English teacher’s support guide: Part I. A great bilingual teacher
This guide was prepared by Elaine Gallagher and includes seven parts that UNONEWS will be publishing once a week. Being at the present time Director […]
This guide was prepared by Elaine Gallagher and includes seven parts that UNONEWS will be publishing once a week. Being at the present time Director of Academic Relations of Sistema UNO, Elaine shares with us her vast experience at the classroom and beyond.
Part I. A great bilingual teacher:
1) Only speaks ENGLISH is English class, and ONLY Spanish in Spanish class. Whatever language being taught, it is the only one spoken in class.
2) NEVER translates. Gives examples in the target language or with diagrams, pictures, drawings, or actions.
3) Never lectures. Uses discussion and team models, seeking positive, active participation.
4) Has students talking approximately 80% of the time.
5) Asks questions the students are prepared to answer, based on various subjects and materials.
6) Precedes each class with a short review from the previous class, and has a preview of what today’s class will be. (Uses a FOCUS).
7) Adapts various examples for better understanding.
8) Speaks fluently, but at a normal pace.
9) Varies questions and examples to avoid monotony.
10) Is creative, or seeks creative activities from others.
11) Never asks, “Do you understand?”. The teacher checks the students’ knowledge by questioning them: Checking for understanding by frequent questioning.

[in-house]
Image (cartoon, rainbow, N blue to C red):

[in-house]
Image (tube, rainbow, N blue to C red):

12) Prepares the class thoroughly. Familiarizes him/herself with the book and the use of teaching aides/tools.
13) Allows students to discover rules through practical examples. Never gives detailed, formal, and dry grammar lessons. Instead, students are challenged to USE correct grammar.
14) Motivates and challenges students with new concepts through dialogue, gestures, contrast, analogies, differences, similarities, mental maps, and graphic organizers .
15) Prompts a struggling student, then repeats the question, but never helps or interrupts a student who knows the answer.
16) Presents the students with frequent opportunities to review the material with questions, role play, graphic organizers, and summaries.
17) Supports students to feel good about themselves, even when they make mistakes.
18) Knows the students well.
19) Always greets students in a cheerful manner.
20) Is friendly, but not too personal, with the students.
21) Begins and ends each lesson punctually.
22) Exhibits patience at all times.
23) Shows interest and concern for the students’ progress.
24) Motivates & challenges students through brisk and interesting teacher-student exchange.
25) Supports students so they feel appreciated and secure.
26) Is fair to all students, calling on each one in an equitable manner, by using students’ names on calling cards, for a fair distribution of names.